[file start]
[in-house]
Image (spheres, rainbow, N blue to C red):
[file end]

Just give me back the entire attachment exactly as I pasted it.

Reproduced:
[in-house]
Image (spheres, rainbow, N blue to C red):